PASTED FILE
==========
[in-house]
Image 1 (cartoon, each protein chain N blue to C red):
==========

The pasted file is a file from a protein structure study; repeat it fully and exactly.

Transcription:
[in-house]
Image 1 (cartoon, each protein chain N blue to C red):